The other day, a thought struck me. I had stumbled upon a company desperately seeking tech people: coders, programmers, app developers. Now, I can do none of those things. The information kind of whizzed past my radar into the ethers.
A few days later, I remembered: I have a friend-of-a-Facebook friend who is down & out in a far-midwestern state. She did some programming work for a startup; the company stiffed her (did not pay!) for something like 6 months' worth of work.
I was able to retrieve the information from the company hiring techhies, and forward it to her.
In the process, I also realized, I've just written a letter of recommendation for a former student with whom I've kept in touch on LinkedIn. This individual isn't a techhie; rather, she's applying for a job in applying social media to a mid-sized university's alumni, outreach, giving, and engagement goals.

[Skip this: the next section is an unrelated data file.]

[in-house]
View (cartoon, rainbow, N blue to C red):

Well--I know for a fact that higher education occasionally hires techhies. And I know that the two sources for almost any job in higher education are (1) Inside Higher Education and (2) The Chronicle of Higher Education. Both have websites; both advertise primarily faculty jobs; but both have an "other" category of jobs including tech stuff.
So I gathered that information and sent it along as well.
Will my down & out friend get a job from any of these leads? Who knows! But this is a real-life example of how leads can come out of the blue, through a strangely convoluted trail of networking: from the techhie 2000 miles away, to a friend I know personally in my local area, to me--a faculty member with absolutely no skill or interest in programming.
Will my down & out friend ever do me a direct favor? Possible, but not terribly likely. However, I have tried to put good works out there in the universe. If it doesn't come back to me in ways that I recognize--that's cool. But if it does--hooray!